are subjected to random mutations. We study the random walk of in-creasing
fitness made by a single mutating organism. In two different
models we are able to show that evolution will occur and to characterize
the rate of evolutionary progress, i.e., the rate of biological creativity

For many years we have been disturbed by the fact that there is no fundamental
mathematical theory inspired by Darwin’s theory of evolution.
This is the fourth paper in a series attempting to create
such a theory.

In a previous paper we did not yet have a workable mathematical frame-work:
We were able to prove two not very impressive theorems, and then the
way forward was blocked. Now we have what appears to be a good mathematical
framework, and have been able to prove a number of theorems. Things
are starting to work, things are starting to get interesting, and there are many
technical questions, many open problems, to work on.

So this is a working paper, a progress report, intended to promote interest
in the field and get others to participate in the research. There is much to be
done.

Spring/Summer 2011 Books

Marvin Minksy’s – The Emotion Machine: Commonsense Thinking, Artificial Intelligence, and the Future of the Human Mind

Minsky argues that emotions are different ways to think that our mind uses to increase our intelligence. He challenges the distinction between emotions and other kinds of thinking. His main argument is that emotions are “ways to think” for different “problem types” that exist in the world. The brain has rule-based mechanism (selectors) that turns on emotions to deal with various problems. The book reviews the accomplishments of AI, what and why is complicated to accomplish in terms of modeling how human beings behave, how they think, how they experience struggles and pleasures. (Wikipedia)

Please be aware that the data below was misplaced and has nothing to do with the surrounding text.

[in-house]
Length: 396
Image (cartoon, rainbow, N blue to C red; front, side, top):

The Moral Landscape – Sam Harris

In this explosive new book, Sam Harris tears down the wall between scientific facts and human values, arguing that most people are simply mistaken about the relationship between morality and the rest of human knowledge. Harris urges us to think about morality in terms of human and animal well-being, viewing the experiences of conscious creatures as peaks and valleys on a โ€œmoral landscape.โ€ Because there are definite facts to be known about where we fall on this landscape, Harris foresees a time when science will no longer limit itself to merely describing what people do in the name of โ€œmoralityโ€; in principle, science should be able to tell us what we ought to do to live the best lives possible.